Next check the front derailleur clamp and cable, chainring bolts, and water bottle cage bolts (these may seem insignificant, but a loose bolt will drive you crazy).
Now it’s time for the cranks and pedals. There are many different types of fasteners used to affix crank arms to the spindle but the most common are a single 8mm bolt for Sram crankset and a combination of two alternating 5mm bolts coupled with a crank fixing cap for Shimano cranksets. The best way to gain leverage on a Sram crankset is to use the crank arm on the drive side to hold on to and reach over the top tube or through the frame with your allen key. For Shimano cranksets be sure to check both alternating bolts twice at least.
As with cranksets there are a various size pedal fasteners but the most common ones are a 6mm or 8mm Allen Wrench on the back side of the pedal spindle, and/or a 15mm Pedal Wrench Flat. Remember, the drive side pedal has a regular thread (righty tighty, lefty loosey) and the non-drive side pedal has a reverse thread (lefty tighty, righty loosey).
Pro-Tip: while pedaling your bike, the pedaling motion contributes to the pedal staying on the bike, so excessive torque is NOT necessary. You’ll be glad you only tightened it 4-5Nm when it comes time to take them off!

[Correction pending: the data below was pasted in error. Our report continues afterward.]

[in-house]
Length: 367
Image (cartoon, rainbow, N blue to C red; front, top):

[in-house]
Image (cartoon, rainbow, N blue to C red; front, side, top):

The Rear – Pivots, Rear Derailleur, Cassette, Rear Wheel
This is the point at which road bikes and mountain bikes will begin to differ drastically. If you’re doing a bolt check on a full suspension mountain bike there are quite a few more fasteners to consider. This is the time on a mountain bike to would check all of the pivot bolts . While the location and appearance of pivots differ from brand to brand, check each pivot and use a torque wrench when possible.
Moving further back, all of the shifting components function off of the rear wheel being in a fixed position – it’s a good idea to check the rear skewer or thru axle to make sure the rear wheel is securely fastened and in the dropouts correctly.
Now check the rear brake same as the front. Moving onto the rear derailleur and cassette, check the derailleur fixing bolt, cable bolt, and finally give the cassette a quick wiggle to make sure it’s fastened correctly.
Wrapping it Up – Bike Accessories?
The last things to check are any cycling accessories you have on your bike – bolts that hold seat packs, bike pumps, racks, and fenders, to name just a few. These can be safety concerns, but more than likely just annoying – an ounce of prevention is worth a pound of cure!
For your first attempt this can take a bit of time, but as you become familiar with the process and find a system that works for you, it will become a quick and simple. It’s a good idea to do a proper bolt check every other week at a minimum but once a week is ideal. One opportunity to do this is after washing your bike. For more pro tips check out our Mechanic’s Corner series.